Comparisons of topical data. Specific data from NHES surveys can be compared with data from several other surveys, as described below. Please note that after the 2007 collection, NHES was redesigned to use an address-based sample and self-administered paper and pencil surveys delivered and returned through the mail. The mode change required revisions to item wording and may affect the comparability of estimates from NHES data from 1991-2007 to those from NHES:2012 onward.

Early childhood program participation. Over the years, several NHES surveys have collected similar information on young children’s care and education. Estimates from ECPP-NHES:2016 can be compared with previous NHES surveys: ECPP-NHES:2012, SR-NHES:2007, ECPP-NHES:2005, ECPP-NHES:2001, ECPP-NHES: 1995, ECE-NHES:1991, and SR-NHES:1993. Please note that surveys prior to 2012 required revisions to item wording, which may affect comparability.  Estimates from ECPP-NHES:2016 can also be compared with data from CPS, SIPP and the ECLS program. The CPS October Education Supplement collects information on nursery school enrollment. (See Current Population Survey chapter.) CPS estimates of participation in early childhood programs and estimates of retention in early grades can be compared with NHES:2016 estimates. Additionally, SIPP (described above) periodically includes a supplement that collects information on the child care and early childhood program participation of children of mothers who are employed or enrolled in school or job training which is comparable with NHES data. Finally, the ECLS program (see the Early Childhood Longitudinal Study chapters) provides data to study a wide range of family, school, community and individual variables and their relationship to children’s development, early learning and early performance in school.

Adult training and education. ATES-NHES:2016 is a new survey that collected information on educational attainment, prevalence and characteristics of certifications and licenses and their holders, prevalence and characteristics of educational certificates and certificate holders, and completion and key characteristics of work experience programs such as apprenticeships and internships. ATES-NHES:2016 data cannot be compared to prior NHES data because ATES-NHES:2016 consists of new questions that focus on “adult training” whereas previous NHES surveys focused on “adult education”. Estimates from ATES- NHES:2016 may be comparable with NAAL (see National Assessment of Adult Literacy), which collects information on English literacy among American adults age 16 and older.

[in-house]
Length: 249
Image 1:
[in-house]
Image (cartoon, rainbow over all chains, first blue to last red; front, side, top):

Parent and family involvement in education. Estimates from PFI-NHES:2016 can be compared to previous NHES surveys: PFI-NHES:2012, PFI-NHES:2007, PFI-NHES:2003, PFI-NHES:1996. Please note that surveys prior to 2012 required revisions to item wording, which may affect comparability.  Estimates from PFI-NHES:2016 may also be comparable with ELS:2002 and HSLS:09 (see the Educational Longitudinal Study of 2002 and the High School Longitudinal Study of 2009 chapters). ELS:2002 obtains information not just from students and their school records, but also from students’ parents. HSLS:09 also obtains information on parent involvement of students from the beginning of high school into postsecondary education.

Table NHES-1. Weighted response rates for selected NHES surveys: 2012 and 2016
Questionnaire Screener/1st stage Interview/2nd stage  Overall
ECPP-NHES:2012 73.8 78.7 58.1
PFI-NHES:2012 73.8 78.4 57.8
ATES-NHES:2016 66.4 73.1 48.5
ECPP-NHES:2016 66.4 73.4 48.7
PFI-NHES:2016 66.4 74.3 49.3
SOURCE: NHES methodology reports; available at